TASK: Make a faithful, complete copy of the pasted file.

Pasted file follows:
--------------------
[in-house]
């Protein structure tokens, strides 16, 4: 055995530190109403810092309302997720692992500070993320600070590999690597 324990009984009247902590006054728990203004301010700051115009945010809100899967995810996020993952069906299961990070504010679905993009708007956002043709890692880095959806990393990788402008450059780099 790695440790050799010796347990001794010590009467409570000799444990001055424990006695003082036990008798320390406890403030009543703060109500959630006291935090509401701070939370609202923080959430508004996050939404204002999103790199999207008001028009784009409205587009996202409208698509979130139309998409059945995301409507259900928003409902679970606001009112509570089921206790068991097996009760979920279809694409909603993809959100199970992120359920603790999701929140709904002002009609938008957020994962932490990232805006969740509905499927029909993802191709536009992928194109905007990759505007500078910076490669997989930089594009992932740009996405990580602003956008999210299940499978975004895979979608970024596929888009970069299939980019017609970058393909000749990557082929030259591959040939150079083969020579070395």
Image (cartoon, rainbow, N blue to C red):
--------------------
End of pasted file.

[in-house]
């Protein structure tokens, strides 16, 4: 055995530190109403810092309302997720692992500070993320600070590999690597 324990009984009247902590006054728990203004301010700051115009945010809100899967995810996020993952069906299961990070504010679905993009708007956002043709890692880095959806990393990788402008450059780099 790695440790050799010796347990001794010590009467409570000799444990001055424990006695003082036990008798320390406890403030009543703060109500959630006291935090509401701070939370609202923080959430508004996050939404204002999103790199999207008001028009784009409205587009996202409208698509979130139309998409059945995301409507259900928003409902679970606001009112509570089921206790068991097996009760979920279809694409909603993809959100199970992120359920603790999701929140709904002002009609938008957020994962932490990232805006969740509905499927029909993802191709536009992928194109905007990759505007500078910076490669997989930089594009992932740009996405990580602003956008999210299940499978975004895979979608970024596929888009970069299939980019017609970058393909000749990557082929030259591959040939150079083969020579070395």
Image (cartoon, rainbow, N blue to C red):